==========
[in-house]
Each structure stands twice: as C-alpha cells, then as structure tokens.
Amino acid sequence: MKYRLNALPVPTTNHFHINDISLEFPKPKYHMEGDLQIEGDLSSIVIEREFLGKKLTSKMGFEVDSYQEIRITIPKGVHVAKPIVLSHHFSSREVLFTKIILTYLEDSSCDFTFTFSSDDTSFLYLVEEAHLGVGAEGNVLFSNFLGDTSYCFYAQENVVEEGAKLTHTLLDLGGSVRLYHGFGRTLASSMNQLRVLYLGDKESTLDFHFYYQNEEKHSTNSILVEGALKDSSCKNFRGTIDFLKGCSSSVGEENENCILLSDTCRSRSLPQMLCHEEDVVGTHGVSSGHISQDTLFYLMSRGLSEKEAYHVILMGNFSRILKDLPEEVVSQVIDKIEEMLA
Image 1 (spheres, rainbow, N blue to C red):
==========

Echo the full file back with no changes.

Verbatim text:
[in-house]
Each structure stands twice: as C-alpha cells, then as structure tokens.
Amino acid sequence: MKYRLNALPVPTTNHFHINDISLEFPKPKYHMEGDLQIEGDLSSIVIEREFLGKKLTSKMGFEVDSYQEIRITIPKGVHVAKPIVLSHHFSSREVLFTKIILTYLEDSSCDFTFTFSSDDTSFLYLVEEAHLGVGAEGNVLFSNFLGDTSYCFYAQENVVEEGAKLTHTLLDLGGSVRLYHGFGRTLASSMNQLRVLYLGDKESTLDFHFYYQNEEKHSTNSILVEGALKDSSCKNFRGTIDFLKGCSSSVGEENENCILLSDTCRSRSLPQMLCHEEDVVGTHGVSSGHISQDTLFYLMSRGLSEKEAYHVILMGNFSRILKDLPEEVVSQVIDKIEEMLA
Image 1 (spheres, rainbow, N blue to C red):